Telemedicine is an efficient clinical delivery tool that assists in offering solutions to issues surrounding access to specialty services and coordination of patient care. As a result, many providers and hospital systems worldwide have successfully embedded telemedicine into their care delivery systems.

Two Types of Telemedicine

Live Video Conferencing


Store and Forward


This delivery mode typically uses two-way, secure audio-visual technologies to link providers and patients together in real-time for the purposes of providing clinical consultations and/or direct patient care. These clinical encounters are generally accomplished using high-speed Internet connectivity via a variety of off-the-shelf video conferencing platforms and patient exam cameras.

This delivery mode utilizes the secure transmission of patient information through an electronic communication system. For instance, a remote hospital site would use cameras/mobile devices to secure still digital images of a patient’s burn(s), complete some demographic and clinical information (e.g., history, type of burn) and send that information to a burn specialist. The specialist then uses the information to evaluate the case and render a recommendation/assessment of the burn to the provider at the originating site. After reviewing the images and information, the telephone is then typically used to connect the sending provider with the burn specialist. The visual nature of burn and soft tissue injuries are excellent for this method of telemedicine as images of wounds can easily be assessed and treatment options discussed via distance.

Burn Center Telemedicine Programs

Burn centers represent a small but vital component of the healthcare community, and as such have an inherent obligation to provide critical education and specialty services to the population served. Burn Telemedicine allows top-of-the-line care and consultation for burn and soft tissue injuries, such as frostbite, to be made available to those who may be hundreds of miles away from a burn center. Through video conferencing equipment or the sending of images, burn experts can see patients remotely – allowing them to evaluate wounds and make clinical recommendations. Wound treatment and follow-up may often continue long term through the rehabilitation phase, allowing burn specialty centers to collaborate with local healthcare facilities in order to provide the most appropriate care for patients and their loved ones.

Burn Telemedicine allows top-of-the-line care to be available to those who are hundreds of miles away from a burn center.

Potential Benefits of Burn Telemedicine:

  • Proper and Accurate Triage: With Burn Telemedicine, many patients are able to be assessed by burn specialists who otherwise would not be available to assist them. The burns are triaged/assessed in a manner that helps determine the appropriate level of care that the patient needs to receive as the next step (e.g., transfer to a Burn Center, schedule an outpatient visit with the burn specialist, treat the wound locally).


  • Reduced Costs: Given that Burn Telemedicine is used for specialized assessment of a patient’s burn(s), the need for expensive or unnecessary travel is often eliminated, resulting in cost savings both to the patient and the healthcare system as a whole.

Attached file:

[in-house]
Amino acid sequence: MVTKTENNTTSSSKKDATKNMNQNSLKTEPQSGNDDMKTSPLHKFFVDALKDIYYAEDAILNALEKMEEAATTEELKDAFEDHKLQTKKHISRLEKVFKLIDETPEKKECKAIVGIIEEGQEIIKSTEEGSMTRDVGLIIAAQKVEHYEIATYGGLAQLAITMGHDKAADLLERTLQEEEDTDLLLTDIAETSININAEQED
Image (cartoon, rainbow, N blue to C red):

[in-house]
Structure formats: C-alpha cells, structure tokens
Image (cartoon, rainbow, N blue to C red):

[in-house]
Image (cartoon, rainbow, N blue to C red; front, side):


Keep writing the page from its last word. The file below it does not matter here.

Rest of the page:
• Greater Accessibility: Rural residents, children, the elderly and those living in poverty are known to suffer an increased risk of burn injuries; yet, their access to burn treatment is restricted by distance and resources. Burn Telemedicine makes burn services accessible, especially to those who may need it the most.


  • Enhanced Outcomes: Research has shown that patients treated in verified burn centers have improved outcomes and higher survival rates. Burn Telemedicine allows the patient and providers to connect instantly with burn specialists both on an acute and continued basis in order to manage care that is often complicated and prolonged.


  • Increased Community Disaster Preparedness and Resilience: National and international disasters (e.g., earthquakes, terror attacks, hurricanes) remind us that we can take nothing for granted. These disasters are characterized by an overwhelming imbalance between needs and resources. In the face of this imbalance, difficult decisions regarding patient care might need to be made when transfer to a burn center may not be possible. Telemedicine allows physicians at a burn center to connect with providers not only on an everyday basis, but also in a disaster situation – so that patients can experience the best possible care even in a challenging situation.


  • Wildland Fire Fighters: Wildland fire fighters may be stationed far from home or far from a verified burn center for long periods of time. These fire fighters encounter multiple occupational hazards, which could result in burn injuries, impaired burn wound healing and potential infection if appropriate treatment and follow up is not delivered. Burn Telemedicine is an excellent option in this instance as most injuries occur in rural areas without access to burn centers. Because of workers' compensation considerations, care providers must be diligent when documenting these types of burn injuries and the associated burn care strategies. Wildland fire fighter employers and government oversight agencies should develop Standard Operating Guidelines (SOGs) to ensure the needs of the wildland fire fighter are met.

For information regarding individual telemedicine programs, please contact the burn center in closest proximity to you.

Absolutely no exposure to heat until all wounds have completely healed!